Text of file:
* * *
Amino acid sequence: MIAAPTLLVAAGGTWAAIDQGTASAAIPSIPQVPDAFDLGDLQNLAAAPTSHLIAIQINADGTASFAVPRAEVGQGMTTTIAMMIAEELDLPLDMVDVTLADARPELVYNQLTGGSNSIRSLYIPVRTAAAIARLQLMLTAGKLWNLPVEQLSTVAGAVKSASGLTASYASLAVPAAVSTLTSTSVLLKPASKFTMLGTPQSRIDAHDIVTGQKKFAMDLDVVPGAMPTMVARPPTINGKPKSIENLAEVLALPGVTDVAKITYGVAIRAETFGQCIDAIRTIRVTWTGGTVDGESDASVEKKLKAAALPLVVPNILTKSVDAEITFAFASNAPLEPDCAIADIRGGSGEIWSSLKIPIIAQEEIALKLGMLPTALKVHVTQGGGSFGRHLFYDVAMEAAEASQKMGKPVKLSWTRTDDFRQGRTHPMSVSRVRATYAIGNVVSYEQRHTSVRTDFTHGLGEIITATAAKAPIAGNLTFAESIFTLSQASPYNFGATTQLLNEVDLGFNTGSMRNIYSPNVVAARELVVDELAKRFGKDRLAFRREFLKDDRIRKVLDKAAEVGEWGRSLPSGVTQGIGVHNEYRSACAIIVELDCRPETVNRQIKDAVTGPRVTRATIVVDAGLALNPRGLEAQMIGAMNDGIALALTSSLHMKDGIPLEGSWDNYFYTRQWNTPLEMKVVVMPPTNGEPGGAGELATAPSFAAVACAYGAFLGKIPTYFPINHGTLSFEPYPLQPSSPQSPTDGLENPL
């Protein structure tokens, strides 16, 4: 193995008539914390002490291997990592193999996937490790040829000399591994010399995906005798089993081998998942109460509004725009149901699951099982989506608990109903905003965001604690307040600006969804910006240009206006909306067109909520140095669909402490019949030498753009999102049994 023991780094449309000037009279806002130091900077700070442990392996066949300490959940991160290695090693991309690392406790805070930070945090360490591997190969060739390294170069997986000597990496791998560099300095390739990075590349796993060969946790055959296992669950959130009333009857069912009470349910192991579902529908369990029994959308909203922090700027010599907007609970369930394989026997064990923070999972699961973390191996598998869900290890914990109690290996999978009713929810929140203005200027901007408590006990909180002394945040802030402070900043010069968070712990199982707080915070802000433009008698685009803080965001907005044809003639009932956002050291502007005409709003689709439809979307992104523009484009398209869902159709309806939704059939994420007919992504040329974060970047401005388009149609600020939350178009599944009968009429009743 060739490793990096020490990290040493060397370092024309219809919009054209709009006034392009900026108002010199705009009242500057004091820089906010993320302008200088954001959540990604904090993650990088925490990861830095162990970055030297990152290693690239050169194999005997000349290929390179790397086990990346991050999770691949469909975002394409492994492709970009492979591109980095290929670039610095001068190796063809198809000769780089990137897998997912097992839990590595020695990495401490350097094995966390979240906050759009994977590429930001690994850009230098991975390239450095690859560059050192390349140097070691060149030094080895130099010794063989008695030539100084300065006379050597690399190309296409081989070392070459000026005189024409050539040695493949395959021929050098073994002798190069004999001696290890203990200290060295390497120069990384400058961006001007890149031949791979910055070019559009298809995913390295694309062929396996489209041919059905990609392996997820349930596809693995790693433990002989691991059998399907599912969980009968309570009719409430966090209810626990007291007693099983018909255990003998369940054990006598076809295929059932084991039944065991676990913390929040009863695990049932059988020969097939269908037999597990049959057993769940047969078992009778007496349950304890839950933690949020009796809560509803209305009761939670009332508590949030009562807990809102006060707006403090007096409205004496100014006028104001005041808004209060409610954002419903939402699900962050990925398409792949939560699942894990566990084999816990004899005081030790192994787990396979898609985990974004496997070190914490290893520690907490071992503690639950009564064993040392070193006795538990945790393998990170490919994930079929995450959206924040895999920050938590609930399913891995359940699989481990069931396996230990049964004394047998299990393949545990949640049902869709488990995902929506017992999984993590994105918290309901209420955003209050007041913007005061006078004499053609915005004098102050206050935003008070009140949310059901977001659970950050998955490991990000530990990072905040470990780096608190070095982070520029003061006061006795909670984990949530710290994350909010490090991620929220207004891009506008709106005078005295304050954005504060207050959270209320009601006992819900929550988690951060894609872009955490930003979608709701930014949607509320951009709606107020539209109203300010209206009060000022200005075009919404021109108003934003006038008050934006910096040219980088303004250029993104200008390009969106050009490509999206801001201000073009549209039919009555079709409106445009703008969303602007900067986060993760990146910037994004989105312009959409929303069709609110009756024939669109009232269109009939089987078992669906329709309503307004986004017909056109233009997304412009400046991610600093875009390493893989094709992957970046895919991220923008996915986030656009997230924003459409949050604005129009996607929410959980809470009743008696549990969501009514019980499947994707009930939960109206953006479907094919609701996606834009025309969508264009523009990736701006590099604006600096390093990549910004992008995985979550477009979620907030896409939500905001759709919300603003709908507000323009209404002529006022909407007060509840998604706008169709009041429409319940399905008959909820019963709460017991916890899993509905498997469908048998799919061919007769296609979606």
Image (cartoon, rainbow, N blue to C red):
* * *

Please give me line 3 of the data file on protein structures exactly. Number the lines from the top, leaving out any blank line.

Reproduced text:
Image (cartoon, rainbow, N blue to C red):